As coronavirus forces us to isolate, some pundits are suggesting now is the ideal time to bring a dog into your life. But our experts in the Sydney School of Veterinary Science say you need to think first before taking on a puppy.
Staying home and not socialising your dogs, most notably puppies, risks them of becoming afraid of unfamiliar people and other dogs. This, combined with being in an urban environment for a long time, relative inactivity, and sub-optimal training activities, could set up a COVID-19 generation of dogs who aren’t equipped for urban and suburban living. And considering the biggest killer of dogs under three years old is behavioural euthanasia, it’s important to take steps to enrich your dog’s environment.
But first, let’s discuss our own behaviour around dogs.
Keep good hygiene around pets
COVID-19 spreads from human to human and, to date, there is no evidence that companion animals spread the disease.
That said, it’s best to touch only your own dog over the next few months and not allow others to cuddle your puppy or dog.
The World Organisation of Animal Health says: When handling and caring for animals, basic hygiene measures should always be implemented. This includes hand washing before and after being around or handling animals, their food, or supplies, as well as avoiding kissing, licking or sharing food.
When possible, people who are sick or under medical attention for COVID-19 should avoid close contact with their pets and have another member of their household care for their animals. If they must look after their pet, they should maintain good hygiene practices and wear a face mask if possible.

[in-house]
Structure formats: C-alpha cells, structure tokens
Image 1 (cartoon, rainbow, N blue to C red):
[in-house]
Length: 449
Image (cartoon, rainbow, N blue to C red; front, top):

Social isolation for social animals
If you’re suddenly working from home a lot or in lockdown, your dog is probably over the moon. Dogs thrive on contact with members of their social group. So, it might be hard to get work done with your dog vying for your attention.
Encourage your dog to settle with items to lick and chew, such as pigs’ ears and food-dispensing toys, but avoid giving these items in response to being pestered. Break up the day with smaller, more frequent meals and regular toilet breaks.
Many dogs are accustomed to receiving daily exercise and having much of their social needs met through play with other dogs in public areas. If this is no longer an option, you may find your dog is unusually active and mischievous at home.
Now maybe the time to create structure such as “play” and “quiet time” cues so your pets don’t learn to demand your attention at any time.
Puppies’ social needs are the greatest of all. It’s critical for vaccinated puppies to be socialised with lots of different people, dogs and environments. But under social isolation, finding opportunities for these encounters may be difficult.
It’s safe for dogs to play with other dogs. So, if you go for a walk with your dogs, and they see another dog, they can be allowed to greet each other, but their contact with other humans should not be encouraged. The same principle applies to dog parks and playdates.